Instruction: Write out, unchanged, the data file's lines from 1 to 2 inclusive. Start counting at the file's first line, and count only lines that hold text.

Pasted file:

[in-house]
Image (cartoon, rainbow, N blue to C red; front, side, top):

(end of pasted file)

[in-house]
Image (cartoon, rainbow, N blue to C red; front, side, top):